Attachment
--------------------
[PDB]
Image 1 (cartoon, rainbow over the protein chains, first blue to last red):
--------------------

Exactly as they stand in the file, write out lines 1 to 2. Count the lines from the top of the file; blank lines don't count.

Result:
[PDB]
Image 1 (cartoon, rainbow over the protein chains, first blue to last red):